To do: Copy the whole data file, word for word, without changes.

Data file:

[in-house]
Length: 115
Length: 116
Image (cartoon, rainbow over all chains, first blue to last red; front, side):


[in-house]
Length: 115
Length: 116
Image (cartoon, rainbow over all chains, first blue to last red; front, side):